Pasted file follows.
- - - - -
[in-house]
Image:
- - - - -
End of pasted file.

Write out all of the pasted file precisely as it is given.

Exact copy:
[in-house]
Image: